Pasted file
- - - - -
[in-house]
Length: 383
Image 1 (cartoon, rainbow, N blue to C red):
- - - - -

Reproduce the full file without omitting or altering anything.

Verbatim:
[in-house]
Length: 383
Image 1 (cartoon, rainbow, N blue to C red):